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the extent that you are unable to exercise preemptive rights granted in respect of the equity shares represented by your ADSs, your proportional interests in our company would be reduced.
Holders of ADSs may be restricted in their ability to exercise voting rights.
At our request, our Depositary will mail to you any notice of shareholders’ meeting received from us together with information explaining how to instruct our Depositary to exercise the voting rights of the securities represented by ADSs. If our Depositary timely receives voting instructions from you, it will endeavor to vote the securities represented by your ADSs in accordance with such voting instructions. However, the ability of our Depositary to carry out voting instructions may be limited by practical and legal limitations and the terms of the securities on deposit. We cannot assure you that you will receive voting materials in time to enable you to return voting instructions to our Depositary in a timely manner. Securities for which no voting instructions have been received will not be voted.
Under Indian law, subject to the presence in person at a shareholder meeting of persons holding equity shares representing a quorum, all resolutions proposed to be approved at that meeting are voted on by a show of hands unless a poll is demanded by a shareholder or shareholders present in person or by proxy holding at least 10.0% of the total shares entitled to vote on the resolution or by those holding shares with an aggregate paid up value of at least Rs. 50,000. Equity shares not represented in person at the meeting, including equity shares underlying ADSs for which a holder has provided voting instructions to our Depositary, are not counted in a vote by show of hands.
As a result, only in the event that a shareholder present at the meeting demands that a poll be taken will the votes of ADS holders be counted. Securities for which no voting instructions have been received will not be voted on a poll. As a foreign private issuer, we are not subject to the SEC’s proxy rules, which regulate the form and content of solicitations by U.S.-based issuers of proxies from their shareholders. To-date, our practice has been to provide advance notice to our ADS holders of all shareholder meetings and to solicit their vote on such matters through our Depositary, and we expect to continue this practice. The form of notice and proxy statement that we have been using does not include all of the information that would be provided under the SEC’s proxy rules.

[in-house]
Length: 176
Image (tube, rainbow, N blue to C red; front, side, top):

An active or liquid trading market for our ADSs is not assured.
We cannot predict the extent to which an active, liquid public trading market for our ADSs will exist. Active, liquid trading markets generally result in lower price volatility and more efficient execution of buy and sell orders for investors. The lack of an active, liquid trading market could result in the loss of market makers, media attention and analyst coverage. If there is no longer a market for our equity shares, or if we fail to continue to meet eligibility requirements, we may be required to delist from the NYSE or NYSE EURONEXT and this may cause our share prices to decrease significantly. In addition, if there is a prolonged decline in the price of our equity shares, we may not be able to issue equity securities to fund our growth, which would cause us to limit our growth or to incur higher cost funding, such as short-term or long-term debt. Liquidity of a securities market is often a function of the volume of the underlying shares that are publicly held by unrelated parties. Although you are entitled to withdraw the equity shares underlying the ADSs from our Depositary at any time, there is no public market for our equity shares in the United States.